11. Luis Bunuel

One of the figureheads of the early 20th Century Surrealist movement in the arts, and one of the most transgressive auteurs in movie history, Bunuel directed great films from...get ready for this...1929-1977. Yeah. And almost all of them are good. Back in '29, his career began with a 10 minute movie he directed alongside another artist of whom you may possible have heard, a Spaniard with a goofy moustache named Salvador Dali. Their landmark surrealist masterpiece Un Chien Andalou remains required viewing in film schools to this day. (At the time, Bunuel so feared an angry and confused audience reaction, he famously carried rocks in his pocket to the premiere). And in '77, he made the terrific send-up of obsessive male lust That Obscure Object of Desire, which uses the gimmick of replacing the actress playing the lead role halfway through the film to charming success. (It's a trick borrowed earlier this year by Todd Solondz for his terrific Palindromes). In between, Bunuel made a variety of films, some free-wheeling and alinear and some more narrative in nature. All of them share his wicked sense of humor, his elegant use of light and shadow, his perfect selection of soundtrack music and his sly intelligence.

MY FAVORITES: The Discreet Charm of the Bourgeoisie, Belle de Jour, Viridiana, The Exterminating Angel

9 comments:

Jonathan said...

For the record, on all their films, Joel gets director credit, Ethan produces, and they both share writing credit. It is well known in Hollywood, however, that they share all roles pretty equally. They also often co-edit their films under the pseudonym Roderick Jaynes.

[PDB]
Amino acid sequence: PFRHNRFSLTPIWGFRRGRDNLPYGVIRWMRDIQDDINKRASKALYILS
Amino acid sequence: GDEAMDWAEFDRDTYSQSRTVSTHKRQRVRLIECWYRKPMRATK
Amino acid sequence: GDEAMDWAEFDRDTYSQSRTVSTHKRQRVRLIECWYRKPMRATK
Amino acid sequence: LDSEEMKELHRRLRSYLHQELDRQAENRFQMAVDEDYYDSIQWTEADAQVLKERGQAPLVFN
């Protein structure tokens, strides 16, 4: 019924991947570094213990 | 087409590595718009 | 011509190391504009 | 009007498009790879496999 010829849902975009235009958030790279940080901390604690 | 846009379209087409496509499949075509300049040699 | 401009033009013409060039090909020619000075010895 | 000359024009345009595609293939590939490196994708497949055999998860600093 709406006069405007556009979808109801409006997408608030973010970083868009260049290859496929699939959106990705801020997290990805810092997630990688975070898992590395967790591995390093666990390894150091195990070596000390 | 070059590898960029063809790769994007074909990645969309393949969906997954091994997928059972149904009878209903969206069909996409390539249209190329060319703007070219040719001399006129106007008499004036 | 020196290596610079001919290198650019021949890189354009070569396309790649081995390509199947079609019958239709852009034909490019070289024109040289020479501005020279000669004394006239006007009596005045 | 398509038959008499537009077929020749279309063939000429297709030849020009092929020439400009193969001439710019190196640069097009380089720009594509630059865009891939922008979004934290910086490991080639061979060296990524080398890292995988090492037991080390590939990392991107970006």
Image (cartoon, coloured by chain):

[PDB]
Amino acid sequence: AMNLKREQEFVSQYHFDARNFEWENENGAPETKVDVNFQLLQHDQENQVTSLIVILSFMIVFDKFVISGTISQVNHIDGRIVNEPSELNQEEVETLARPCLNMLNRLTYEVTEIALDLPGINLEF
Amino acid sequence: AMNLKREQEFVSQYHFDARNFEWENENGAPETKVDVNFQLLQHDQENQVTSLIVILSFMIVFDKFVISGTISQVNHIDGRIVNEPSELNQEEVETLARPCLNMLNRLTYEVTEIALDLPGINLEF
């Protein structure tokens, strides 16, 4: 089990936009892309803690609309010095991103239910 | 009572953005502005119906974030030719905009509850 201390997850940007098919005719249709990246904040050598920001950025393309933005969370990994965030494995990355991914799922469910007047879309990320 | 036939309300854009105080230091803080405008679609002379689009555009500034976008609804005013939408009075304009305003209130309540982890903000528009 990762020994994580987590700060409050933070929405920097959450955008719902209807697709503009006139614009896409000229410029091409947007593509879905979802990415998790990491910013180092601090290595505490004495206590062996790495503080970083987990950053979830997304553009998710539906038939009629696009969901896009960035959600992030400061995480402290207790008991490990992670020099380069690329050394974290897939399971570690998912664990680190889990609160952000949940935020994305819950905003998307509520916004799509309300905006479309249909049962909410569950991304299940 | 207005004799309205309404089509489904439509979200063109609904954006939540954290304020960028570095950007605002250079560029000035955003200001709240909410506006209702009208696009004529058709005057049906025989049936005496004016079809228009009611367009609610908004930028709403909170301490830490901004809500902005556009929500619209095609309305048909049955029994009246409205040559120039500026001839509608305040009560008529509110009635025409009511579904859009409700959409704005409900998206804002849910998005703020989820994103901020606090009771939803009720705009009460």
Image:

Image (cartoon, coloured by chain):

By the way, I think Kurosawa/Mifune might give Herzog/Kinski a run for their money, in the Best Actor/Director Duo category.

Lons said...

You're right that the projects are collaborative, and it's impossible to say exactly who does what, but the movies DO say "directed by Joel Coen," which is supposed to be the criterion for inclusion on this list, so I wanted to be as fair as possible about Ethan's appearance.

There are a number of solid actor/director mash-ups here in the Top 100. Certainly Kurosawa/Mifune is up there. And the Coens/John Goodman. Some more good ones:

John Carpenter/Kurt Russell
Sam Raimi/Bruce Campbell
John Woo/Chow Yun Fat
Wes Anderson/Bill Murray

Interestingly, there are many more terrific examples in the Top 10, but I don't want to give anything away. (Although I bet you can guess a few, including arguably the most celebrated actor-director team in American film history).

gohlke said...

Surprised me with the Buñuel. Nice job, ese.

gohlke said...

Disappointed to not see Boorman yet.

http://www.fantascienza.com/cinema/zardoz/media/zed.jpg

Lons said...

Uh oh...Someone hasn't been reading diligently and taking notes!

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66. John Boorman

Okay, so Beyond Rangoon isn't really all that. Back in the 70's and early 80's, John Boorman helped define arguably the greatest decade of American film. His movies were outrageous, brutal and hallucinatory, and some of the imagery in his films has become nothing short of iconic. Though he's generally associated with violent crime films and thrillers, he's also responsible for, thus far, the definitive King Arthur film, Excalibur.

MY FAVORITES: Point Blank, Deliverance, The General

gohlke said...

Dammit! I'm a horrible protege.

Cory said...

A little Hitchcock/Grant in our future perhaps?

J. Greco said...

Try to find, if you can, a video of Siodmak's "Christmas Holiday," one of his best and most striking films noirs. Also see "The Strange Affair of Uncle Harry" (a very different George Sanders than the one most people are familiar with); and "The File on Thelma Jordon," Siodmak's last great American noir. Also see his British noir "The Rough and the Smooth," cynical and gloomy with a wicked femme fatale (Najia Tiller).

Lons said...

Excellent advice, Greco, I'll check them out as soon as I can hunt down a copy (particularly "Rough and the Smooth," as I'm a great fan of British noir films). I'm proud to say, I have seen "The File on Thelma Jordan," thanks to the UCLA Film Archive several years back).